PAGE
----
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The day book. (Chicago, Ill.) 1911-1917, September 07, 1912, Image 19

Image and text provided by University of Illinois at Urbana-Champaign Library, Urbana, IL

Persistent link: http://chroniclingamerica.loc.gov/lccn/sn83045487/1912-09-07/ed-1/seq-19/

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them. There, was something
mysterious about M Danforth.
- People talked about .er, but no
v body seemed to know just why.
-.She had come to Springfield a
stranger and she had been care
ful toleave her past behind her.
It had not taken her long to find
, .friends, and she was quickly ad-
mitted .to the best social circles.
With plenty of money, she lived
x at the most fashionable hotel, she
I entertained lavishly, and her
. clothes were the talk of the
. town. Then, one day, she disap
,r peared, and on the following
c morning Tom Harlow had told
Helen that it had become neces-
sary for him to go to Chicago.
i A week later he returned, but
a substantial citizen of Spring
1 field had returned before him.
The, substantial citizen had seen
Tom and Mrs. Danforth together
j in Chicago. Of course Tom had
1 assured Helen that it was- all
. right, but he Jiad not explained.
- He had merely promised to do so
I . "in good time." And Helen had
j naturally decided that the "good
,,time" could never come. So
3 Tom went away,
j She thought over all this as she
v impatiently "waited at Northport
.Junction. A dozen times she tried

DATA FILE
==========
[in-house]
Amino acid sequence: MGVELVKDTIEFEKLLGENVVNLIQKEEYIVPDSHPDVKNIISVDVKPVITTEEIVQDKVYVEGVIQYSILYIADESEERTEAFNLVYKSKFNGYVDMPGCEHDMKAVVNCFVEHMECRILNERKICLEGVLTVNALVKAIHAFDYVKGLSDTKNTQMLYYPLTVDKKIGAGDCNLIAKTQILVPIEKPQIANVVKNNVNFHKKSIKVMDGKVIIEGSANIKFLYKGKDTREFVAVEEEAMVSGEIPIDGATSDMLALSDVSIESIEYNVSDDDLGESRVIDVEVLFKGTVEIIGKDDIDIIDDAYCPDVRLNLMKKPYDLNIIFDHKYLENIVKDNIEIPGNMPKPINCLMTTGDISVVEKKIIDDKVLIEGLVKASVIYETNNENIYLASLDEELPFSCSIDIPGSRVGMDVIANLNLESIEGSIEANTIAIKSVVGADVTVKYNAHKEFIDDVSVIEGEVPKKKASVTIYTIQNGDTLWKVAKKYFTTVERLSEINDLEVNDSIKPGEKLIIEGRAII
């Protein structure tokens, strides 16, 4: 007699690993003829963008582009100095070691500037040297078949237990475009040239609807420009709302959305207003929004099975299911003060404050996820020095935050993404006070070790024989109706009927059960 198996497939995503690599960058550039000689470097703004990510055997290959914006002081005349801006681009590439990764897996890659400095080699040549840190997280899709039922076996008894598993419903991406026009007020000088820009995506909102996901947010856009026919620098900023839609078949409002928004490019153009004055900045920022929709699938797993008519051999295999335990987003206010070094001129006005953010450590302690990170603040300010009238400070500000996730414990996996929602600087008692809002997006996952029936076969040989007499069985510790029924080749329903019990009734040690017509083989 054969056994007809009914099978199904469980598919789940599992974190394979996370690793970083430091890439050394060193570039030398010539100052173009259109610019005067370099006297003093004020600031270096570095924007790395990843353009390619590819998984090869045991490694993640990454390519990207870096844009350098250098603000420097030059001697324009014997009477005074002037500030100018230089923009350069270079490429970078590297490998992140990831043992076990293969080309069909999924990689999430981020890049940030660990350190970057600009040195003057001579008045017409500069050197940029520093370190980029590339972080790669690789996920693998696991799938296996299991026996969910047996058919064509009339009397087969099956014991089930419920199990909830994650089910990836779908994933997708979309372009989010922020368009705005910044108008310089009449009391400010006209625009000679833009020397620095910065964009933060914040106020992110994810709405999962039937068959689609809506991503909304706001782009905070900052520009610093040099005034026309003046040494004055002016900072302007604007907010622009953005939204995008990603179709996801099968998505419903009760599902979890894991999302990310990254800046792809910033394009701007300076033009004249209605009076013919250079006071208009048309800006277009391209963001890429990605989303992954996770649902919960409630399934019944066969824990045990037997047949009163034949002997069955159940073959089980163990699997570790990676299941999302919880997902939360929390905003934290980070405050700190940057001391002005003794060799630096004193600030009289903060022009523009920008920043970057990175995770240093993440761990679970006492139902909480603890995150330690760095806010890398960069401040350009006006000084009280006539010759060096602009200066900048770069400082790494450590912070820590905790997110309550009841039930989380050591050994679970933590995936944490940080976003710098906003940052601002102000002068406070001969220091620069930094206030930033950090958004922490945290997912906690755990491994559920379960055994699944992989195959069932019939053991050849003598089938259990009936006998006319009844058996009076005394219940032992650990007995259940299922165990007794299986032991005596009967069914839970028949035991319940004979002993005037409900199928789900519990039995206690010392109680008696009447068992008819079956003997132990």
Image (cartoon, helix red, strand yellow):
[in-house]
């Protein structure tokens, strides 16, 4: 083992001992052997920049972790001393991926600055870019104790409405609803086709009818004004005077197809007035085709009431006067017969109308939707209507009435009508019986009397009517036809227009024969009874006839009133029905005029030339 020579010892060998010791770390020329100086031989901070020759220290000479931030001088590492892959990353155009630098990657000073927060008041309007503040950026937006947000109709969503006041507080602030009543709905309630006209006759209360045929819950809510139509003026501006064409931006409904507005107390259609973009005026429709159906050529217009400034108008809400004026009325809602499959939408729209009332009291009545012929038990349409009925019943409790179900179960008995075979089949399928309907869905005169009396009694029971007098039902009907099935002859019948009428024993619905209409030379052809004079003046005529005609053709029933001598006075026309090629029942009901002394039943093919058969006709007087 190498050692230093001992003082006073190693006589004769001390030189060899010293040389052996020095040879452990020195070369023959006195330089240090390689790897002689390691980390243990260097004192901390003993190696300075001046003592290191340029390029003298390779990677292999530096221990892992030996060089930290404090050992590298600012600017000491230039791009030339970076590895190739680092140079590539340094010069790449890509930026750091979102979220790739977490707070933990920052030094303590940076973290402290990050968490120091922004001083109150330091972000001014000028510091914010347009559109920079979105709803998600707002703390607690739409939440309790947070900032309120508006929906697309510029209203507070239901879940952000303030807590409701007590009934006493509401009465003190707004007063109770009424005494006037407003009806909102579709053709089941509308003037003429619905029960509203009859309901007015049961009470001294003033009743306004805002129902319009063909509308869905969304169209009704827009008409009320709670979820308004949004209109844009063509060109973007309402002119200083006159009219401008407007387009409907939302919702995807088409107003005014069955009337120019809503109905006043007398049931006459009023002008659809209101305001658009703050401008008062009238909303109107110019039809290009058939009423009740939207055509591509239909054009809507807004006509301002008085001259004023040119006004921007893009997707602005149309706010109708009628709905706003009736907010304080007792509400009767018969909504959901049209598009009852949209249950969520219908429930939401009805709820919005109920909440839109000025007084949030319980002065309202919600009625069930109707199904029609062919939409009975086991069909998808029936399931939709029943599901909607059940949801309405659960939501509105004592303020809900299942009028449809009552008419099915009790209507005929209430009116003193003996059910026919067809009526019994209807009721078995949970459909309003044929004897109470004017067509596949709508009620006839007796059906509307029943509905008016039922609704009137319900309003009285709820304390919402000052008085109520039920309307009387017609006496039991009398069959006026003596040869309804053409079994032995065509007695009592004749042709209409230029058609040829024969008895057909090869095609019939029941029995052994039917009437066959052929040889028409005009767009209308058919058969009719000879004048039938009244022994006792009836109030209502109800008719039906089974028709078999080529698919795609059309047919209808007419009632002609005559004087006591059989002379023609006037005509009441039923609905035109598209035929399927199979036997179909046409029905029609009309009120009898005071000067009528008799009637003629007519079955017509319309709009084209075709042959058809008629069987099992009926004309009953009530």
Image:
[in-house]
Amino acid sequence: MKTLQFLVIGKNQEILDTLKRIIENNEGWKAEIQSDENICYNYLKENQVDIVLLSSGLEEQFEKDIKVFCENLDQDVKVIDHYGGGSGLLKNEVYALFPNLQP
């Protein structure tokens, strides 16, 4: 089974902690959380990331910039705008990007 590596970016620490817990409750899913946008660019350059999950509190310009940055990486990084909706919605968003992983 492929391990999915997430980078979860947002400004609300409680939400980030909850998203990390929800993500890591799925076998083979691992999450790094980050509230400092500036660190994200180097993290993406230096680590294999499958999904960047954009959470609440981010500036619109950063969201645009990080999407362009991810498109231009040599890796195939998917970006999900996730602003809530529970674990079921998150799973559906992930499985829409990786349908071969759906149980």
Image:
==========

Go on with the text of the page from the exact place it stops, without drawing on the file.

to fix her thoughts on other
i .things, but always , they turned
s :back to the old subject. She be-
came angry with herself, at last)
and more for the purpose o try
. ing to forget Tom Harlow than
with the hope of obtaining In-
2 formation she went into the-sta-r
tion and asked the operator if it
1 iwas likely that the train for Med-
1 ford would arrive on time.
"She's just reported fifty min
utes late," the operator informed
her. "There's a washout up the
road." s '
Helen turned away with a feel
of hopelessness and went outside
again. If Northport had looked
dismal to her before, it now seem
ed desolate. While she was try
ing to count the appalling num
ber of minutes that she would
have to wait, she heard the whis
tle of an engine away up the curve
around the hill ort the main line.
When the, long train stopped at
tl)e Junction, Helen .jawa man
step down from one of the Pull
man cars away at the rjear. She
paid nqattention td him,-suppos-mg
ht was a passengerwho had
merely stepped, off togetea breath
or iresn air, duc airer tne tram
had gone on she noticecfrthat the
man Was walking slowly down
the cinder path beside, the track
toward the station, Forfa mo
ment she gazed at him, and then
hurried inside. If was lomHar
low, carrying a suit case.
Selectingithe darkest corner in
the station; Helep'safcdown, turn
ed her back toward ths dopr, and
waited, hoping that no one would
come-in '2nd fearing something
that she could not have explained.
Her corner "was- so, dark, and she
remained so silent that Tom en
tered without noticing her.
"When does the train leave for
Medford?" he asked at' the ticket
wjndow.
"It's pretty hard to tell," the
operator replied. "SheVreport
ed fifty minutes late, but there's
JffeJfc1, m.
A ' -

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